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Witness To Innocence tour coming to eastern Kentucky

“You can release a man from prison, but you can’t release him from the grave.” Randy Steidl

Randy Steidl—who spent 17 years on Illinois’s death row for a crime he did not commit—will be speaking in Pikeville, Prestonsburg and Whitesburg from November 14 – 16. Steidl is part of the Witness to Innocence program and KCADP and the ACLU of Kentucky are cosponsoring his appearances here. All of the events are open to the public and they all start at 7:00 pm. KCADP is grateful to the ACLU of Kentucky for its continued support of these Witness to Innocence tours. Below is the list of scheduled, public events.

  • Pikeville: Nov. 14 at 7:00 p.m. in the Chrisman Auditorium in the Adminstration Building at 147 Sycamore St.
  • Prestonsburg: Nov. 15 at 7:00 p.m. at the First Presbyterian Church, 1430 South Lake Dr.
  • Whitesburg: Nov. 16 at 7:00 p.m. at the Appalshop Boone Building, 91 Madison Ave.

002 - Innocence concernsAccording to results of a recent poll conducted by the University of Kentucky more than 70% of Kentuckians are concerned about the possibility of killing an innocent person. Kentucky has already come close to executing a wrongfully convicted man who was sentenced to death, Larry Osborne. Fortunately a unanimous Kentucky Supreme Court decision granted Osborne a new trial because his constitutional rights were violated by the circuit court and a second jury found him not guilty in 2002.

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Gateway Community College hosts a discussion on death penalty

panel-cardJoin a distinguished group of Kentuckians for a robust discussion of the death penalty and its use in Kentucky.

  • Professor Michael Mannheimer co-chaired the Kentucky Assessment Team that spent two years studying how the process works in Kentucky. Assisted by staff of the American Bar Association this group issued its 500 page report in 2011. Professor Mannheimer will describe what they found lacking in our system and the recommendations made to improve it, none of which have been implemented.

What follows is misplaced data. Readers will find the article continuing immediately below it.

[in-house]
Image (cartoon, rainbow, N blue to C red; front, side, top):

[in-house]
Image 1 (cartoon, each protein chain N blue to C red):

• Thomas More College President David Armstrong brings a unique perspective to the discussion. Before his current job, he was a prosecutor and will share his insights about that role and how it led him to conclude the death penalty should be abolished.
  • Ed Monahan, a northern Kentucky native and current Public Advocate for the Commonwealth of Kentucky, brings years of legal experience to this event. As a trial lawyer who tried cases where the death sentence was asked for he has seen first hand how the system works. As Public Advocate his job is to insure defense for the indigent and justice for both the public and those charged with capital murder.
  • Ben Griffith advocates on behalf of those who lost loved ones to murder and who do not want to see anyone sentenced to death. He lost a brother to violence and knew the death penalty would not bring him any comfort. Ben has testified before the members of the Senate and House Judiciary committee and serves on the board of the coalition.
  • Mike VonAllmen spent many year in a Kentucky prison and on parole for a crime he did not commit. False witness identification, the leading cause of wrongful convictions, put him in prison. His story has fascinated audiences throughout Kentucky and his meetings with legislators have raised their interest in abolishing the death penalty, because what happened to Mike can happen to someone facing death.

Please join us: Gateway Community and Technical College, Edgewood Campus, Room E-101, 7 p.m. Doors open at 6:30 p.m.